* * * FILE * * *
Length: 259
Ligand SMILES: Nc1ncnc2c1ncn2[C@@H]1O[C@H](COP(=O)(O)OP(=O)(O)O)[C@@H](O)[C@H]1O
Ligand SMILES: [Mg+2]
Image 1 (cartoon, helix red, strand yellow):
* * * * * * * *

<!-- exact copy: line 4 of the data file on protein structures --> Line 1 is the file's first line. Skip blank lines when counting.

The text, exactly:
Image 1 (cartoon, helix red, strand yellow):